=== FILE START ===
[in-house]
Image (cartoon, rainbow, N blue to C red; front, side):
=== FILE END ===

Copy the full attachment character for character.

[in-house]
Image (cartoon, rainbow, N blue to C red; front, side):